Florida has recently ranked poorly in surveys about aggressive driving and distracted driving – two primary causes of traffic accidents in the Sunshine State. But what about the events that happen after an accident?
In a perfect world, all parties involved in an accident would stay put, exchange insurance information, and allow responding officers to evaluate the crash scene. Unfortunately, some drivers either fail to stop or flee the scene after a crash occurs.
A recent study conducted by AAA has ranked Florida among the top states in the nation – along with New Mexico and Louisiana – with the most hit-and-run accidents per capita.
What is considered a hit-and-run accident?
A hit-and-run occurs when a driver leaves the scene of a crash. By law, all parties involved in an accident are required to remain at the scene until the police arrive. They are also required to exchange insurance information and move their vehicles out of the way if needed to prevent another collision.
However, some motorists flee the scene of an accident to avoid legal consequences, especially if another party suffered an injury. Some hit-and-run drivers flee the scene because they are involved in illegal activity, or because they are uninsured or unlicensed.
Those who leave the scene of a crash can face serious consequences, as described in Section 316.027 of the Florida Statutes.
The continuing problem of hit-and-run accidents in Florida
In a study of hit-and-run accidents, AAA monitored crashes that occurred in the United States from 2006 to 2016. The study found that hit-and-run accidents resulted in 682,000 crashes with 2,049 fatalities. Furthermore, pedestrians and bicyclists accounted for 65 percent of all deaths resulting from hit-and-run accidents.
The Sunshine State experienced a total of 1,814 fatal hit-and-run accidents in that time, with 206 of those happening in 2016.
And hit-and-run continues to be a problem. In 2017, Florida had over 98,000 hit-and-run crashes with 1,200 injuries and 177 fatalities, according to mycbs4.com. This has prompted the Florida Highway Patrol to take action by educating drivers about the consequences of leaving a crash scene. FHP Major Eileen Powell stated, “If a driver leaves the scene of an accident involving a death, that driver could face up to thirty years in prison.”
These statistics are given a face by incidents that made the news in the Sarasota area. Just recently, a 19-year-old man was fatally injured in a hit-and-run accident while crossing U.S. 41 in Sarasota County. The driver fled the scene but was apprehended by police a couple of weeks later.
Earlier this year, a Bradenton couple was struck by a minivan while leaving the Thunder By The Bay festival on their motorcycle. Both husband and wife suffered severe injuries to their lower extremities. The driver of the minivan took off, and after a prompt investigation, was not identified. Police continue to investigate, but in the meantime, the couple is stuck with over $300,000 in medical expenses.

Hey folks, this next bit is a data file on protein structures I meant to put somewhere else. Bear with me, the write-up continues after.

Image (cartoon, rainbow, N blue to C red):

What you can do after a hit-and-run accident
When a driver leaves the scene of an accident, the outcome can be frustrating and difficult to handle. If you’re able to capture the driver’s license plate number, he or she can be identified. You can then a file a claim with that driver’s insurance company – if the driver is insured. Identification can be done by writing down the plate, taking a picture of the vehicle, capturing video on your dashboard camera or speaking to witnesses. In some cases, law enforcement officers can catch the hit-and-run driver by surveying the area for vehicles with front-end damage.
If the driver cannot be identified, then you can seek compensation through your own insurance company – if you have the right coverage. In order to protect yourself in the event of a hit-and-run accident, you should purchase uninsured motorist coverage, which is optional in Florida. UM coverage is principally designed to compensate your losses after an accident with an uninsured or underinsured driver. However, it also applies to hit-and-run accidents, in which the negligent driver can’t be identified. A driver who cannot be found is considered uninsured by default.
Uninsured motorist coverage will compensate you, up to the policy limit, for:
- Future and current medical expenses for injuries sustained in the accident
- Future and current lost wages
- Pain and suffering, loss of enjoyment of life and other non-economic losses
If the other driver flees the scene of the crash, you may be unsure about what course of action you should take. That’s why you should consult with an experienced auto accident attorney who can guide you through the process.
After a hit-and-run accident, don’t try to deal with your insurance company without the legal help of an attorney at Farrow & Pulice, P.A. Insurance companies only care about reducing their own costs, and they often take advantage of crash victims who don’t know their rights. They may attempt to downplay your claim or offer you a settlement that barely covers the cost of your damages. We’ll handle your claim and fight to maximize your compensation.
If you or a loved one was injured in a hit-and-run accident in greater Sarasota, contact us for a free case evaluation. We also work on a contingency fee basis, which means that you don’t pay unless we win.